Categories of Special Interest
In Use As
1810 - 1830
Corner-sited terraced two-bay four-storey house over raised basement, built c.1820, now in use as shop with shopfront to front (west) and side (north) elevations. M-profile hipped slate roof with shared brown brick chimneystacks, concealed behind parapet wall with squared granite coping and cast-iron hopper and downpipe. Flemish bond brown brick walls with granite plinth course over rendered basement area. Recent applied signage boards to shop unit partially concealing entrance door fanlight. Remnants of earlier painted advertisements to side (north) elevation with three recent billboards and feature lighting. Diminishing square-headed window openings with gauged-brick voussoirs, granite sills, patent rendered reveals and replacement aluminium windows. Historic timber sliding sash windows to rear (east) elevation having eight-over-three pane arrangements visible to third floor. Recent louvered aluminium shutters to ground floor window to front elevation. Square-headed window opening to side elevation of ground floor having fixed single-pane display window. Three-centred-arch door opening with gauged brick voussoirs to front elevation, having moulded stucco doorcase comprising engaged fluted Ionic columns surmounted by replacement lead-clad timber pediment surmounted by single-pane fanlight. Replacement glazed timber door opening onto granite flagged platform with five square-nosed steps in granite flanked by later wrought-iron gates. Rectangular concrete plinth with wrought-iron railings enclosing basement area, having portion of original granite plinth with cast-iron railings to northern section of enclosure. Square-headed door opening to side elevation having recent timber door. Recent two-storey flat-roofed structure to rear of site.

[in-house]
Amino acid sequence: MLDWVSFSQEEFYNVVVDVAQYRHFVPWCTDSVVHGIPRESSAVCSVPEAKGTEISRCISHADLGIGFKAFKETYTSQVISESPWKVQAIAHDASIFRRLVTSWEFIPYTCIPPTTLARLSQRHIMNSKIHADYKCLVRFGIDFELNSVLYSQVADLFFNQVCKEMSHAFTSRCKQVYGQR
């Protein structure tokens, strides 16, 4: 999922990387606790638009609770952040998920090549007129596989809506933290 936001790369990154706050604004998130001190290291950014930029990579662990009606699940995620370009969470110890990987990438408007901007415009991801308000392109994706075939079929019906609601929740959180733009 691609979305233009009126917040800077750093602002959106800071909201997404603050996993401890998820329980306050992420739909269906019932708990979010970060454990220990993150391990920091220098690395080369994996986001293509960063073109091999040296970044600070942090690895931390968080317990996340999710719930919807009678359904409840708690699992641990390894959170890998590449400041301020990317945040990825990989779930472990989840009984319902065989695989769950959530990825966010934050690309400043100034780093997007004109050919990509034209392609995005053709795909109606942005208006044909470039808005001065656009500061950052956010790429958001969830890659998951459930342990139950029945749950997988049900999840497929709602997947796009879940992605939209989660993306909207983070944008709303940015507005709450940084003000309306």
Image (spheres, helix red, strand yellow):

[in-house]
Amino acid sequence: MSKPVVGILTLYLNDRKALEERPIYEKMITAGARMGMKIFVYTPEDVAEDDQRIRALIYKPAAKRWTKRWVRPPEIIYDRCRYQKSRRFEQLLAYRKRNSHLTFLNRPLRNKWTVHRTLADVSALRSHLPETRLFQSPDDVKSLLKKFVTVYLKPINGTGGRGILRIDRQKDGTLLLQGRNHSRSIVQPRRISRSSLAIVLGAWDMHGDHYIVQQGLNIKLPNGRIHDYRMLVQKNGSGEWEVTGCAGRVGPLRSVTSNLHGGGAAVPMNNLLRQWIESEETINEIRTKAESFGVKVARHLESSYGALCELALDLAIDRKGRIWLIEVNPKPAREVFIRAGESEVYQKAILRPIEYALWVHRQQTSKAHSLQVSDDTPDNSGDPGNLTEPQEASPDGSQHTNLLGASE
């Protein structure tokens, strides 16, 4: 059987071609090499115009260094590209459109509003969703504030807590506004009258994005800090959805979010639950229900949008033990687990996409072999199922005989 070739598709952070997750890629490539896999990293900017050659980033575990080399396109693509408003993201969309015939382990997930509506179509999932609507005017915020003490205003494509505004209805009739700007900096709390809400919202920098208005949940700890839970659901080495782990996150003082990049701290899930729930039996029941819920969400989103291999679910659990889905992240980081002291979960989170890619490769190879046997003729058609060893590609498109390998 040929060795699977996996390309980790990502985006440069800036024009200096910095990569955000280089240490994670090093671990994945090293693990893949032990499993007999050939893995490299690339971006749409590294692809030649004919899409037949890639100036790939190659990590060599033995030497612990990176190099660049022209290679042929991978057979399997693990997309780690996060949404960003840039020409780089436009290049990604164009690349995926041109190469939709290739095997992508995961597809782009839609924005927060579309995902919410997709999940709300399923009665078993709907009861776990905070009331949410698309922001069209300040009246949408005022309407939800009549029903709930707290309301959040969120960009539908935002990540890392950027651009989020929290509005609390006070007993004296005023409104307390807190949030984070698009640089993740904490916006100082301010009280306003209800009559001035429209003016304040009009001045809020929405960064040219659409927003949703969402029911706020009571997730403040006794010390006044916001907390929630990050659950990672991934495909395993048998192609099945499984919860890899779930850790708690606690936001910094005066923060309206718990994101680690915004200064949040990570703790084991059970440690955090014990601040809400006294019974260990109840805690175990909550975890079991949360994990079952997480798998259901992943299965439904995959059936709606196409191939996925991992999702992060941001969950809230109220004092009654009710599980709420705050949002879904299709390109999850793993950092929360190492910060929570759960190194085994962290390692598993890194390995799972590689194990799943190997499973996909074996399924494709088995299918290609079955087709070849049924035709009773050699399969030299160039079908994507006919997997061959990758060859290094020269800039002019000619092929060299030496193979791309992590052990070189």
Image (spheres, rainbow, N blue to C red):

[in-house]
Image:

This pleasantly-proportioned, partially altered former Georgian house terminates the northern end of a terrace of similarly-scaled houses running from Frenchman's Lane to Talbot Street. The building retains its domestic scale and fenestration pattern to Gardiner Street, its original return and possibly historic painted advertisements to the brickwork of its side elevation glimpsed in spots under new billboards. This street was laid out in the 1790s by Luke Gardiner as part of a planned route which linked the new symbol of the mercantile power base, the Custom House, with Mountjoy Square, Gardiner's planned upper-class residential development on an elevated site to the north. The houses on Gardiner Street Middle and Lower formed a vista focused on the rear portico of the Custom House, though later disrupted by the installation (1888-89) of the raised Loop Line Bridge to this end of Gardiner Street.